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Grounding riddle No.8 - Why yellow phase of secondary of PT is earthed?

In that I found that the secondary of PT of outgoing feeder is connected in star and the Yellow phase is earthed and not the star point(the neutral). The general philosophy is to earth the star point i.e. the neutral but I wonder why they are earthing the Yellow phase and not the neutral.

Author : GUEST
 
#1
Sun, September 21, 2008 - 19:35
The neutral is normally grounded on three phase four wire circuits. An exception is sometimes found with wye-wye connected voltage transformers on generator leads. The VT secondary neutral may be provided for connection to phase-to-neutral loads with the ground being on a phase (usually Y). This reduces the possible occurrence of VT secondary phase-to-neutral (ground) faults that would appear to be phase-to-ground faults on the generator leads.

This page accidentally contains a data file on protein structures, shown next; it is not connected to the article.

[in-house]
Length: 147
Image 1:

The three phase, three wire circuit is in common use today for VT circuits in metal clad switchgear. It is common practice to ground one of the phases, usually Y. This arrangement is used when it is desirable to eliminate coordination problems between primary and secondary VT protective devices for phase-to-neutral (ground) short circuits or phase-to- ground insulation failures. Because each mentioned fault in secondary side appears as two phase faults in primary side.
 
Author : Hamid - From: IRAN
 
#2
Tue, September 19th, 2017 - 17:32
The UK always earthed the yellow phase of YY VTs, we stopped 30 odd years ago when I started out as a junior engineer.

The reason was so we could synchronise using Open Delta VTs that were common to generators, the open delta secondary is earthed on the yellow phase.  This avoids the need for interposing transformers for sysnc schemes.

I retire tommorrow, hopefully the reason is not lost. 
Author : James Higgins - From: UK
 
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